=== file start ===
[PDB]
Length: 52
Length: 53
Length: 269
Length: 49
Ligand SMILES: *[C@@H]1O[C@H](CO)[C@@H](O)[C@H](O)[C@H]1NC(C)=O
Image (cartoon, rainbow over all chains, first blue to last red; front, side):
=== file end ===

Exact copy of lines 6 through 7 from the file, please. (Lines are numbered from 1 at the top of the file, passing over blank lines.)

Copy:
Ligand SMILES: *[C@@H]1O[C@H](CO)[C@@H](O)[C@H](O)[C@H]1NC(C)=O
Image (cartoon, rainbow over all chains, first blue to last red; front, side):